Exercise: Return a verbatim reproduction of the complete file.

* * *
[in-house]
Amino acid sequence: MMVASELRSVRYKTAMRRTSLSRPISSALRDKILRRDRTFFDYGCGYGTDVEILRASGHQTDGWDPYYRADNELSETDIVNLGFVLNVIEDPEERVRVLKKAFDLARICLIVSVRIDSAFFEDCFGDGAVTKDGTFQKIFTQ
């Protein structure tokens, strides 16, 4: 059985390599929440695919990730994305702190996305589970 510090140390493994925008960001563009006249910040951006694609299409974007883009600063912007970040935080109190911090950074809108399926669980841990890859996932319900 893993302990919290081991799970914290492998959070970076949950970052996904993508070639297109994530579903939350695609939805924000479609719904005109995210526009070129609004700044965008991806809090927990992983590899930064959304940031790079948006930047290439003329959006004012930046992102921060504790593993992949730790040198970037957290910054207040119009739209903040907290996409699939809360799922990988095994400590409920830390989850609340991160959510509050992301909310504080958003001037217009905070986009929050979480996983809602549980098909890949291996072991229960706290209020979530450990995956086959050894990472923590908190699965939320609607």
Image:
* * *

[in-house]
Amino acid sequence: MMVASELRSVRYKTAMRRTSLSRPISSALRDKILRRDRTFFDYGCGYGTDVEILRASGHQTDGWDPYYRADNELSETDIVNLGFVLNVIEDPEERVRVLKKAFDLARICLIVSVRIDSAFFEDCFGDGAVTKDGTFQKIFTQ
């Protein structure tokens, strides 16, 4: 059985390599929440695919990730994305702190996305589970 510090140390493994925008960001563009006249910040951006694609299409974007883009600063912007970040935080109190911090950074809108399926669980841990890859996932319900 893993302990919290081991799970914290492998959070970076949950970052996904993508070639297109994530579903939350695609939805924000479609719904005109995210526009070129609004700044965008991806809090927990992983590899930064959304940031790079948006930047290439003329959006004012930046992102921060504790593993992949730790040198970037957290910054207040119009739209903040907290996409699939809360799922990988095994400590409920830390989850609340991160959510509050992301909310504080958003001037217009905070986009929050979480996983809602549980098909890949291996072991229960706290209020979530450990995956086959050894990472923590908190699965939320609607």
Image: